Frequently Asked Questions:
How Do I Use A Capo?
When you install the Capo, you want it to be tight. If you install it too loosely, the strings will buzz. It can also slip mid-song if it isn’t tight enough.
I like to put the Capo on right behind a fret. Just behind the fret seems to help keep it from sliding down as you play, and that position makes it easy to keep the strings from buzzing.
You also want to make sure to keep it on parallel with the fret to make sure it doesn’t bend the strings. If it clamps the strings unevenly or bends them, it can make the guitar sound out of tune.
Learning how to play with it was challenging. I had to learn how to rethink my chord progressions and calculate which chords to use for each position.
You see, once you barre a fret, you need to subtract ½ step from each chord. For example with the Capo on the first fret, an A♭ becomes a G. Now a G chord is much easier to finger, but you have to learn how to rethink the chord progression while you play.
For the first little while, I practiced with a cheat sheet. I tried to calculate in my head and then would double-check my answer before I played. But after little while, it became second nature to play with the Capo.
Can The Capo Hurt My Guitar?
There is always some concern when clamping something to your instrument. Can it cause damage to the guitar itself?
Thankfully the manufacturers of capos are also very concerned about the same thing. You will find that they are padded well, and offer little risk to your instrument.
The only thing is, I would never leave it on for storage, or long periods of time. Not only does it risk damaging the guitar over the time (slight as it may be), if you leave it on between practices it will cause your strings to need more retuning.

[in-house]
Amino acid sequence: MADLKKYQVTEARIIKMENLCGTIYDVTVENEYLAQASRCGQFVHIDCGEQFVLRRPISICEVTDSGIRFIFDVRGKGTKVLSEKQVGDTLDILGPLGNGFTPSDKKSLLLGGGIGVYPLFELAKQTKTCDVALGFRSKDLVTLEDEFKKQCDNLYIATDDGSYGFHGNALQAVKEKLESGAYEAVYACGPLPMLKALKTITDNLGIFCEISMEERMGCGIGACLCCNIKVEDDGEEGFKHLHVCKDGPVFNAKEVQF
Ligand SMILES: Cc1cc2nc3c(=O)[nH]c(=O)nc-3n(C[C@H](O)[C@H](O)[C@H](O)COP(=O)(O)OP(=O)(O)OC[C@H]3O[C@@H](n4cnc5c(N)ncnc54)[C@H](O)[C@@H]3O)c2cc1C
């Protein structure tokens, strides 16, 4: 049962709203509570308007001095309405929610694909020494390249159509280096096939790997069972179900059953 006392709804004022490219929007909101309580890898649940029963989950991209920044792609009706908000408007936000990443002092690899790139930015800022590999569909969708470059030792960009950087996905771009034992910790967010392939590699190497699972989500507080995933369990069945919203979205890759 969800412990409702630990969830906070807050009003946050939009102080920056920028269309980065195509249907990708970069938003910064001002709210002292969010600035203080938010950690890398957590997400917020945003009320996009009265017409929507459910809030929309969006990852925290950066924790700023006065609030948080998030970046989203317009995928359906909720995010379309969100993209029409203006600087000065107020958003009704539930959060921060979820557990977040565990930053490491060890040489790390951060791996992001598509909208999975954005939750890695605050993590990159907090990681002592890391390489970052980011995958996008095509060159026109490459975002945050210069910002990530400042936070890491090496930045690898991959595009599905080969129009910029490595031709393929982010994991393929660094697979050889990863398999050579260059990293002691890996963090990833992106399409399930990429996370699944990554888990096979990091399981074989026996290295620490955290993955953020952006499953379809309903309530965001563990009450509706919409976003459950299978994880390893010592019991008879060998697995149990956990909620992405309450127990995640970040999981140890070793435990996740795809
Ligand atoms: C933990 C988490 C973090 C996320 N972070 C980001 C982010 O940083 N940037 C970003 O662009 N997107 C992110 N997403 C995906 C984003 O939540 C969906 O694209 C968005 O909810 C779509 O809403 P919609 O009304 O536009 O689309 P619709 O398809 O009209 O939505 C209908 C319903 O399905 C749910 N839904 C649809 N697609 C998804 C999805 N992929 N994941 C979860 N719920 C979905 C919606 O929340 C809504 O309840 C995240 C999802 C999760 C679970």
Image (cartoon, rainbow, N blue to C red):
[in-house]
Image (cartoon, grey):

Trigger Capo Versus C-clamp Capos
I like them both. I mean, I get a little annoyed by how long it takes to screw a C-clamp into position, but it does seem to provide a better hold, it can be less finicky than the spring clamp.
The trigger style design is easier to slip on, but is bulkier, and may get the way of playing. Also, you have to make sure to line up the clamp properly to keep the guitar in tune. That can be a little hard to do with a spring clamp.
However, the spring-operated designs are by far the favorite, thanks to their one-handed operation.
And, as I review above, the G7th Performance Capo helps combine the one-handed operation of the spring-design with the locking design of a c-clamp for the best of both worlds.
On a 12-string acoustic guitar you have a couple of challenges. To begin with, it is a little more difficult to prevent buzzing. Each of the 6 strings is paired with a smaller string. When you Capo your guitar, you need to apply enough pressure to these small strings without bending the top strings and creating a buzz.
Additionally, the necks on these guitars are often (although not always!) thicker.
A 12 String Capo will typically apply more pressure than a 6 string capo, provide the capacity to accommodate a smaller radius fretboard and a little wider to allow for guitars with wider fretboards.
Probably the most important feature to look for in a capo for a 12 string guitar is to get one with adjustable tension. This will let you dial in the pressure and ensure that you get the proper sound no matter were you are fretting it.
Electric Guitar Capos
It is not as common to see them used on electric guitars. There are several reasons for this. So much of playing an electric guitar has to do with playing individual notes. And so you just play the note. No fancy accessories needed.
The other aspect is that electric strings are much easier to depress than acoustic strings are. So it is easier to master those barre chords that drive so many acoustic guitarists to insanity.
However, if you were doing a lot of rhythm work and decide that you want a Capo, any standard model should work on your electric guitar just as well as it would on an acoustic one.